The first metatarsal bone is a viable source for autologous bone grafting in foot and ankle surgery and may serve as another convenient graft site to correct a flail toe deformity. We aimed to determine how progressive bone removal from the first metatarsal affects the mechanical redistribution of the foot and whether this bone removal increases the risk of fracture.
A three-dimensional finite element model developed from computed tomographic images obtained from a healthy man were used to evaluate traction stresses on the first metatarsal bone as a function of applied loads on the talus and Achilles tendon at two phases of the gait cycle (and according to the depth of bone removal).
Simulations indicated that when maximum load was applied to the Achilles tendon, tensile stress increased from 2.049 MPa in the intact foot to 5.941 MPa in the area of maximum bone harvest during the stance phase. Furthermore, as the volume of bone extracted from the first metatarsal increased, there was a redistribution of stress that differed significantly from that of the intact foot.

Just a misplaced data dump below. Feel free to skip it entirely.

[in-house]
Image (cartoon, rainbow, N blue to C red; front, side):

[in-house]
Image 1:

Although the maximum stress on the first metatarsal was not significantly affected by increasing the volume of bone harvested, the ankle should be splinted in plantarflexion during the postoperative period to eliminate the stance phase of gait and reduce the risk of metatarsal fracture.